medina | editor-in-chief
medina (they/them/their) is a queer Honduran nonbinary trans adoptee who lives in NYC. Their writing has appeared in: them, Into, Yes Poetry, Hello Giggles and The Establishment. They are an MFA Creative Writing Candidate (WFCYA) at The New School. medina is currently working on a Queer Contemporary Middle Grade novel. When they’re not writing, they enjoy bedroom DJ’ing, music, reading and all things nature.
Isaiah Frisbie | Media Manager / Contributing Editor
Isaiah Frisbie is a Latinx poet from Southern California. He earned his dual BA in Literary Arts and English Nonfiction Writing from Brown University and is currently pursuing his MA in Civic Media from Emerson College. A queer, first-generation college, and low-income student himself, his previous professional experience is namely in community organizing and student advocacy. He is particularly invested in the intersections of writing, social justice, educational equity, and artistic activism.
Ananya Garg | Poetry Editor
Ananya Garg is a young queer poet and spoken word performance artist slowly learning to heal and shine. She sees her QTPOC arts community as a central force in her healing process and hopes her words can be a part of your healing. She recently read her work as a part of Tasveer’s South Asian Literature Festival at Hugo House and she is an active member of the Seattle Poetry Slam community. She has also appeared in Tasveer’s 2018 Yoni Ki Baat, the ASUW Womxn’s Action Commission’s “The ____ Monologues,” Lavish: A QTPOC Arts Showcase hosted by the Q Center at the University of Washington, the Viva La Healing Conference at the Ethnic Cultural Theatre, and more. She currently works as Director of the ASUW Queer Student Commission at the University of Washington. Ananya is in her last year at the University of Washington working on her thesis about the power of spoken word poetry. After she graduates in June she would like to be a teaching artist for young poets. Stay up to date with Ananya’s performances, writing, and more at ananyagarg.com or on Instagram/Twitter @originalananya.
Raelee Fourkiller | Poetry Editor
Raelee Fourkiller is queer writer from the Cherokee Nation in Oklahoma. She currently attends Brown University where she will be double-majoring in Education and Indigenous Studies. Her writing is influenced by her lived experiences as a queer, low-income Indigenous woman that employs themes of self-love, empowerment, cultural resurgence, and radical resilience.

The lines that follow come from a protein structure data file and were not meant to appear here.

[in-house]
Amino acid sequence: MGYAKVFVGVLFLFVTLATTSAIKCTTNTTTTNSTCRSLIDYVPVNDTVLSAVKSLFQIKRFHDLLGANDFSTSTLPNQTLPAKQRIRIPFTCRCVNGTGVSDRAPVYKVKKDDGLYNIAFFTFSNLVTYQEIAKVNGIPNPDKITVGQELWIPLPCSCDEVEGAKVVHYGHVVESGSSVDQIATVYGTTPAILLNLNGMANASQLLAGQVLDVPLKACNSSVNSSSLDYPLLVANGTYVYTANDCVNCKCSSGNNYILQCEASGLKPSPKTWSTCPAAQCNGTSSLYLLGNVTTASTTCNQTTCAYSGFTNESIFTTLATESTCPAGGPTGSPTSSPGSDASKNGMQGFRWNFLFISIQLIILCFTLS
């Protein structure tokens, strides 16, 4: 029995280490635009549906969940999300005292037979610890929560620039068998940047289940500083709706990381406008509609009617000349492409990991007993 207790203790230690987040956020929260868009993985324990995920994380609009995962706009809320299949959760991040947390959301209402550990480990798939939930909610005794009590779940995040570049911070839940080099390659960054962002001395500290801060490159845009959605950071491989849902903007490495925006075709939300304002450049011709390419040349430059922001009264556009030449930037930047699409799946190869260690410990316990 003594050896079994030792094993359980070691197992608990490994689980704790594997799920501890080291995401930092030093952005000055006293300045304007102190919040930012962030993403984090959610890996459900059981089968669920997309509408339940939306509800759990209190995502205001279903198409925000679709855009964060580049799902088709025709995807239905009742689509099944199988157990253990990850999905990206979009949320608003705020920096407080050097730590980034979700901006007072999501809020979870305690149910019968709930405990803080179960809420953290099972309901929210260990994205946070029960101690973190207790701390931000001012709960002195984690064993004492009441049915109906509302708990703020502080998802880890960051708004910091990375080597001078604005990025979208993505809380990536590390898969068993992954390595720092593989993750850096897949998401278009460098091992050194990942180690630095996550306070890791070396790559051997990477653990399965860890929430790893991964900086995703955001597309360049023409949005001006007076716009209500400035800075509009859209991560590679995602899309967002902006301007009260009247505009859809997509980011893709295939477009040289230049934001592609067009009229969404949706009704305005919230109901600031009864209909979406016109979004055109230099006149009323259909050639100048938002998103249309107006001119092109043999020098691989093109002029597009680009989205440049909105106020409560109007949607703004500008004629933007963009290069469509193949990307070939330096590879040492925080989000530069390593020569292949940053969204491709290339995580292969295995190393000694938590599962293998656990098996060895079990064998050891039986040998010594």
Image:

Andy Lopez | Fiction Editor
Andy Lopez is a Latinx writer based in New York City. He is currently pursuing a BA in Creative Writing from Hunter College. His writing has appeared in The Olivetree Review, Hunter College’s literary and arts magazine, which he has worked on as Prose Editor since the Spring of 2018. Currently, he is working on a chapbook composed of flash fiction pieces centered on a queer character’s experience with entering adulthood. His favorite place to read is on a New York City subway train, preferably when sitting.
Gaby | Poetry Editor
Gaby (they/them/their) is a non-binary Puerto Rican pursuing a BA in English at Mount Holyoke College on full-ride scholarship. They’re a Taurus sun, Scorpio rising, Virgo moon. If you don’t know anything about astrology, that’s a cocktail of constellations that means they’re a perfectionist hungry for success. As if school and work aren’t enough, they’re also a staff writer for the books and literature section for Mt. Holyoke’s newspaper. They’re in the process of writing their debut novel and excited to help other QTPOC get their work out in the world. They love bringing other writers’ worlds to life in Theater, watching all the Twilight movies instead of doing homework, and sends you all the love and light you need.
Danielle Emerson | Nonfiction Editor
Danielle Emerson is a Diné undergrad student at Brown University studying Education, Literary Arts, and Theatre and Performance Studies. She is from Shiprock, New Mexico and proudly identifies as asexual. Her writing primarily focuses on the Native American experience, self-identity, representation, empowerment, and family dynamics. Danielle is a strong advocate for diverse representation in YA/children’s literature. She is currently working on a play through Brown’s undergrad theatre program centered on daily Indigenous life and cultural knowledge.